As the full extent of the insurrection becomes clear, the FBI is also investigating whether some of the rioters had plans to kidnap members of Congress and hold them hostage.
Investigators are particularly focused on why some of them were seen carrying plastic zip-tie handcuffs and had apparently accessed areas of the Capitol generally difficult for the public to locate, according to an official.
The official was among four officials briefed on Wednesday’s incident who spoke to The Associated Press on the condition of anonymity because they were not authorised to discuss the ongoing investigation publicly.
Larry Rendell Brock, of Texas, and Eric Gavelek Munchel, of Tennessee, who both were photographed with plastic restraints as they broke into the Capitol, were arrested by the FBI on Sunday.
Prosecutors said Mr Brock also donned a green helmet, tactical vest and camouflage jacket.
Capital Police made no preparations for possibility protests could escalate
Others briefed on law enforcement’s response who spoke to the Associated Press said US Capitol Police did not bolster staffing on the day of the raid and made no preparations for the possibility that the planned protests could escalate into massive violent riots, despite ample warnings about demonstrations in Washington DC.
The revelations shed new light on why Capitol Police were so quickly overrun by rioters.
The department had the same number of officers in place as on a routine day.
While some of those officers were outfitted with equipment for a protest, they were not staffed or equipped for a riot.
Once the mob began to move on the Capitol, a police lieutenant issued an order not to use deadly force, which explains why officers outside the building did not draw their weapons as the crowd closed in.
Officers are sometimes ordered against escalating a situation by drawing their weapons if superiors believe doing so could lead to a stampede or a shootout.
In this instance, it also left officers with little ability to resist the mob.
In one video from the scene, an officer puts up his fists to try to push back a crowd pinning him and his colleagues against a door.
The crowd jeers, “You are not American!” and one man tries to prod him with the tip of an American flag.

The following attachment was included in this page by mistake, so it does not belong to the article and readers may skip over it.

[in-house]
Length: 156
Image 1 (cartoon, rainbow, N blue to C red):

“They were left naked,” Democratic representative Maxine Waters said of the police.
Ms Waters had raised security concerns in a December 28 meeting of House Democrats and grilled Steven Sund, the Capitol Police chief, during an hour-long private call on New Year’s Eve.
The Capitol Police’s response to the riots, poor planning and failure to anticipate the seriousness of the threat have drawn condemnation from politicians and prompted the ouster of the department’s chief and the sergeants at arms of both the House and Senate.
Trump an ‘imminent threat’ to constitution and democracy, Pelosi says
The violence came after Mr Trump urged supporters to march on the Capitol at a rally where he repeated false claims that his resounding election defeat was illegitimate.
House of Representatives Speaker Nancy Pelosi, many of her fellow Democrats and a handful of Republicans say Mr Trump should not be trusted to serve out his term, which ends on January 20.
“In protecting our constitution and our democracy, we will act with urgency, because this President represents an imminent threat to both,” Ms Pelosi wrote to fellow House Democrats on Sunday.
Mr Trump acknowledged a new administration would take office on January 20 in a video statement after the attack but has not appeared in public.
When the House convenes on Monday (local time), politicians will bring up a resolution asking Vice-President Mike Pence to invoke the never-used 25th Amendment of the US constitution, which allows a vice-president and cabinet to remove a president deemed unfit to do the job. A recorded vote is expected on Tuesday.
Mr Pence was in the Capitol along with his family when Mr Trump’s supporters attacked. He and Mr Trump are currently not on speaking terms.
But Republicans have shown little interest in invoking the 25th Amendment. Mr Pence’s office did not respond to questions about the issue.
Possible insurrection charge
If Mr Pence does not act, Ms Pelosi says the House could vote to impeach Mr Trump on a single charge of insurrection.
That vote could come by the end of the week.
Aides to House Republican leader Kevin McCarthy, who voted against recognising Mr Biden’s victory, did not respond to a request for comment.
House Democrats impeached Mr Trump in December 2019 for pressuring Ukraine to investigate Mr Biden, but the Republican-controlled Senate voted not to convict him.
Democrats’ latest effort to force Mr Trump out also faces long odds of success without bipartisan support.
Only four Republican politicians have so far said publicly Mr Trump should not serve out the remaining days in his term.
The politicians who drafted the impeachment charge say they have locked in the support of at least 200 of the chamber’s 222 Democrats, indicating strong odds of passage.
Mr Biden has so far not weighed in on impeachment, saying it is a matter for Congress.
Even if the House impeached Mr Trump for a second time, the Senate would not take up the charges until January 19 at the earliest, Mr Trump’s last full day in office.
An impeachment trial would tie up the Senate during Mr Biden’s first weeks in office, preventing the new president from installing Cabinet secretaries and acting on priorities such as coronavirus relief.
Jim Clyburn, the third-ranking House Democrat, suggested his chamber could avoid that problem by waiting several months to send the impeachment charge over to the Senate.
Mr Trump would be long gone by then, but a conviction would bar him from running for president again in 2024.